Chemicals to Avoid in Baby Care Products

Chemicals that are Not Found in Natural, Organic Baby Skin Care Products

Your baby’s skin is so fresh, new, and delicate. The last thing you want to do is harm them by applying a baby care product that could harm their skin and health. This article lists all the potential chemicals that you should be avoiding to ensure you use the most organic skin care products. 

 

Chemicals you won’t find in natural baby care products

There’s a whole host of untested and potentially unsafe ingredients used in conventional baby products like shampoos, rash creams and lotions, bug repellents, and sunscreens. But when you purchase natural baby care products, you won’t find these ingredients, so you can use them confident that they won’t harm baby or the planet. These are the biggies you should attempt to avoid whenever possible:

  • Ceteareth: Used in a variety of formulations for baby baths, sunscreens, and lotions as solubilizing agents, these chemicals are suspected of many human health concerns, including neurotoxicity, organ damage, and skin irritation.[1]
  • DEET: Known by many names, including Autan, Detamide, Delphene, Naugatuck Det, Off, and Flypel, this chemical is widely heralded as the most effective bug deterrent, but it comes at a cost. Scientists know DEET as a pesticide that has been linked to many health problems, including rashes and swelling, acute toxicity, as well as reproductive, mutagenic, and organic toxicity. DEET also has many environmental setbacks—it harms aquatic life and is a neurotoxin for cats and dogs.[2] Ecolife recommends that you look for other alternatives, but if you do use products with this ingredient, make sure it’s at concentrations no higher than 10% for your children.
  • Dimethyl phthalate (DMP): Like all phthalates, this one should be avoided but is often found in baby insect repellents. It is said to be a known human immune system and respiratory toxicant and may have a negative impact on liver, kidney, and blood in humans.[3]
  • DMDM Hydantoin: This is a preservative used in many baby care products (shampoos, soaps, lotions, powders, sunscreens), yet it is a known human immune system toxicant and a suspected skin irritant.[4]
  • Mineral oil: This is a petroleum product used as a moisturizer in many baby products that comes with hazards associated with that industry. It is also considered an occlusive oil which clogs pores and doesn’t fully moisturize, which means you’ll be applying it more often. It is a common moisturizer in baby and adult personal care products.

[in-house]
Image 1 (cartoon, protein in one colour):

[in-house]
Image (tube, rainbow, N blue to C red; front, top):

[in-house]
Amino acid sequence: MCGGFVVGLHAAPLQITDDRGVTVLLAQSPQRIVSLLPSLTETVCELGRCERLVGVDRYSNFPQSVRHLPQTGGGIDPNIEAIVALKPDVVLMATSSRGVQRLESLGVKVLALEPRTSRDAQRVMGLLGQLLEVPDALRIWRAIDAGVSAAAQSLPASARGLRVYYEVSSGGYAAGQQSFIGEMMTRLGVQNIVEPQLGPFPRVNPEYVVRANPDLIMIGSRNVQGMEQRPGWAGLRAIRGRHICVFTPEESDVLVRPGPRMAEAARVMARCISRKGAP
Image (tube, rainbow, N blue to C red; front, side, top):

• Octinoxate: This chemical suffers from one of the most common problems with sunscreen ingredients—it is likely to disrupt natural hormone levels, even in small babies. This chemical also has several names, including octyl methoxycinnamate.[5]
  • Oxybenzone: Known also as benzophenone-3, oxybenzone is a chemical sunscreen that has come under scrutiny because of concerns about skin irritation and hormone disruption.[6]
  • PABA: This sunscreen chemical goes by many names, including Padimate O and Octyl Dimethyl PABA. The main danger here is that it releases free radicals which can damage DNA. It has also been linked to hormone disruption and can cause allergic reactions.[7]
  • Phthalates: Most chemical scents are fixed to the product by phthalates which have been linked to additional serious human health problems, such as liver and kidney failure.[8][9] Phthalates are also used in numerous personal care products as preservatives.
  • Polyethylene glycols (PEGs): Utilized in many products as solvents and humectants, this chemical is of particular concern because it acts on the skin by opening up the pores to facilities more rapid absorption of environmental toxins like DDT.[10]
  • Synthetic fragrances: As with any personal care product for you and baby, it’s best to avoid synthetic fragrances. Many of these man-made fragrances are considered persistent organic pollutants (POPs) because they stay in the environment a long time, causing air and water pollution and harming wildlife.[11] And when used indoors, they pollute your indoor air (because most are considered volatile organic compounds (VOCs)), contributing to common respiratory problems like asthma. Additionally, most chemical scents are accompanied by phthalates which have been linked to additional serious human health problems, especially in children.[12]
  • Talc: Talc, the most common ingredients used to make baby powder, is a natural mined mineral (mining is not an eco-friendly industry) that can come out of the ground naturally-infused with asbestos, a known carcinogen, and there’s no testing of talc to ensure its asbestos-free. Though talc baby powder has been used for decades by parents trying to control moisture and odor, it’s not recommended for your baby. Choose ingredients like baking soda and cornstarch instead.